Феномен свободы в условиях глобализации
In reference to three competing negative principles of freedom (non-frustration, non-interference, and non-domination), Philip Pettit recently presented an argument in favor of the absolute prioritization of non-domination. I refute the absolute priority claim on both analytical and contextual grounds and prove that none of these principles is superior to the others. The contextual analysis shows that partial priority claims are unsuitable for the respective historical and theoretical contexts. The formal analysis demonstrates that the absolute priority claim is logically deficient. Rehabilitation of the non-frustration principle entails that more attention should be paid to human individuality. Additionally, my findings give rise to new theoretical conditions whereby we must make sense of the plurality of liberty principles. I suggest that we are bound to return to the pre-Berlinian state of affairs.
The article is devoted to the problem of mutual correlation between individual and political freedom in the context of ethical, legal and political legitimation of the state. The method - hermeneutical reconstruction and comparative analysis of the state philosophy by Kant, Hegel and Husserl. As a result of hermeneutic reconstruction of Kant’s state philosophy, there are revealed four constitutional factors: the principle of freedom, republicanism, the principle of membership and legality. Kant makes a distinction between noumenal (moral) and phenomenal (political-legal) freedom, emphasizing that in the sphere of politics and law, nominal freedom cannot become the basis of moral law, since it should not be limited from the outside (heteronomically), but only be relied upon by the individual “from within” (autonomously). For Kant, noumenal freedom is the only right initially given to each person on the basis of his belonging to the human race (natural low). The political community, represented by the state, is authorized only to protect this freedom from external coercion, but has no right to encroach on the restriction of internal (nominal) human freedom. Kant chooses the Republic as preferred form of government, since the law is the final authority. As a result of the comparative analysis of Kant’s and Hegel's state philosophy, the author comes to the conclusion that both thinkers are unanimous in understanding freedom as a basis for state legitimization. At the same time, Hegel “removes” Kant's established distinction between nominal and phenomenal freedom and takes as a basis the collective, universal freedom of the state, which embodies objectivity, truth and morality. The highest ideal and duty of the individual is to renounce autonomy in the name of the state, which is defined as a divine end in itself. Hegel picks up the ethical strategy of Kant's interpretation of the state and complementing it with two others: the understanding of the state as a result of natural teleology (the purpose of nature) and as a result of reasonable teleology (conscious and free choice of human). Hegel prefers monarchy as preferred form of government. Husserl, following Kant, develops and consistently radicalizes ethical and instrumentalist understanding of the state, emphasizing its transitory nature and focusing on the self-realization of a free, phenomenologically reflective individual. However, the freedom of the individual phenomenologist is limited by attachment to the phenomenological and contains rudiments of natural and intelligent teleology in the spirit of Hegel. Although phenomenology, in Husserl's understanding, is neither a “state philosophy” nor a purely personal practice, it acquires the specific nature of the intellectual aristocracy: the phenomenological movement and the community of phenomenologists represent the ideal completion of the political history of European humanity.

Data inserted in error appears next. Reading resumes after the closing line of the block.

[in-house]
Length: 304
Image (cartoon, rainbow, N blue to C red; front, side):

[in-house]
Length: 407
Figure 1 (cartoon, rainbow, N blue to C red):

Humanitarian thought has not yet encountered such challenges as in our day. If biotechnology outlined the perspectives of “posthuman” personology, separating it from the anthropomorphic nature of a sane person, then digitalization and robotization of almost all spheres of social practice bring to the fore the idea of homodice - justifying the need for human existence. The article presents four blocks of challenges to humanitarian knowledge: (1) advances in medicine, prosthetics, transplantology and genetic engineering, which outlined the separation of a sane subject from traditional anthropomorphism (“posthuman” personology); (2) studies of the neuro-physiology of the brain, which advanced new arguments against free will; (3) costs of ill-considered propaganda of human rights; (4) digitization of virtually all socio-cultural practices - from economics and military affairs to the formation and functioning of power. It is digitalization that permeates all these “fields of problematization”, setting their common conceptual and technological platform. In this regard, the question arises of the humanitarian examination of modern technologies and the projects of education, communication and management implemented with their help. We are talking about the examination of not only the consequences or also the progress, or even the possibility of implementing such projects, but also their very need. An important task is the focus of such expertise, its criteria. Obviously, it cannot be directed only at the preservation of the biological species of homo sapiens and the conditions of its survival. Paradoxical choice arises in a situation where freedom and free will are questioned: which is more important - Homo or sapiens? It is time for a clear distinction between the concepts of humanism and humanitarian, including in the last and posthuman personology. If humanitarianism is the personology of the free spirit, then humanism seems to be a place next to economism and nationalism — as forms of limited humanitarianism. This wide range of problems requires understanding not only their content, also the methodology of the humanities, their perspectives for positioning in modern society.